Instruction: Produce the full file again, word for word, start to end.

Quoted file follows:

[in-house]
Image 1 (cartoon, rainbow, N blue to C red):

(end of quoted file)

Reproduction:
[in-house]
Image 1 (cartoon, rainbow, N blue to C red):